Welcome to
THE 365 DAYS of Ancient wisdom for the Wellbeing of Modern Man  
Friday, 01.09.2023

Our hearts were full after having taken in the wisdom of Slovenian Nature Worshipers. Now we are ready to move on. We’re flying to the western part of the globe to dive deeper into Ancient Wisdom to start our September with the South American tribes of Peru.

Peru is home to 51 indigenous communities, all of whom have a unique culture and way of life. From the high Andes to the jungles of the Peruvian Amazon, there are many thriving indigenous people of Peru to get to know. Nevertheless, we have decided to spend our time with the Quechua tribe in the Andes. Living in a harsh, inhospitable landscape such as the Andes requires a special level of toughness and adaptability – and the Quechua have it in spades. These communities have spent centuries living at high altitudes, so they have a whole lot to teach us about survival amid extreme conditions.

Thank you for being with us on this green warrior journey back in time and back to Self, dear ALL.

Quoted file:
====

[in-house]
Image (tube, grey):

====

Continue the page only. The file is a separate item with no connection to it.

With Love from PERU in SOUTH AMERICA, Sasa.

Saturday, 02.09.2023
Self-reflection Saturday with the keyword of the month: Creativity

Quechua proverb of the day: Yachaqqa yachaq tukuntsu, mana yachaqmi yachaq tukun – The wise man does not presume that he knows. It is the ignorant one who presumes he knows.


May we invite you to take a moment and reflect on this Saturday Quechua thought and the increasing ignorance in the modern world?

Saturday, 02.09.2023
Self-reflection Sunday with the keyword of the month: Creativity

Quechua proverb of the day:

Wakinkunata shiqiyqam hinchi kay. Kikikita shiqiymi aypa kay – To win over others you have to be strong. To win over yourself you have to be great.


May we invite you to take a moment and reflect on this Sunday Quechua thought and on the difference between being strong and being great?

Monday, 04.09.2023
About the Quechua Tribes

The Quechua are often the first indigenous people of Peru that travelers get to know upon visiting the country. They predate the Incan Empire (Inca is the name for Quechua royalty), and their way of life continued long after the empire collapsed in the 16th century. That’s also one of the main reasons why we have decided to get acquainted with their teachings.

As the largest indigenous group in South America today, most of the Quechua communities live in the high Andes and are focused on farming. The Quechua are known worldwide for their beautifully intricate textile arts, and for their ability to thrive in high-altitude environments.